Customer service representatives do not require college degree training, but they are not walk on jobs like a cashier. For starters, people in these jobs need to speak clearly and grammatically. They have to explain many varied service options and service plans that are increasingly complex and the job requires computer skills since they routinely access computer database information.

Unlike autoworkers, who have to be at the auto plant to do their work, Customer service representatives can be anywhere they have a computer and a telephone. Working from home saves commuter costs and space on already clogged highways. Telecommuting saves business the expense of providing office space, which gives incentive to increase their staff working at home at least some of the time.

In addition, office space for Customer service representatives could be moved to low rent small towns, rural areas or abroad to work, but beginning in 2005 over 80 percent of Customer Service Representatives are in metropolitan areas.
The claim is made that business is transferring customer service jobs abroad, but it is unlikely their numbers would be steadily increasing if many of these jobs were being moved abroad. Given the complexity of America’s many service plans in loans, credit cards, telecommunications, health care and other areas customer service work will not be decreasing anytime soon. If employment in these areas begins to decline then it will be a blunt message that these jobs are being moved abroad.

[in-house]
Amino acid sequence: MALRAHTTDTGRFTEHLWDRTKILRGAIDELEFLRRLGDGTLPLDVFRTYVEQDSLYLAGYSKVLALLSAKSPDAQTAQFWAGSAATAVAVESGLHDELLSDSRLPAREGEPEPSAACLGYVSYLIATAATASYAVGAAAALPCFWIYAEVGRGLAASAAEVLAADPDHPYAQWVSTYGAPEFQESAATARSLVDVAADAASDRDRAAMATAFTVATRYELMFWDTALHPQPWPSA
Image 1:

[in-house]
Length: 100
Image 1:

Tellers are also an important job to watch. Office automation could just about eliminate teller jobs. Money machines eliminate the need for tellers for check cashing and other basic banking transactions. Writing paper checks requires an elaborate process of handling, posting and clearance that takes much longer and requires more labor than electronic processing at the point of sale.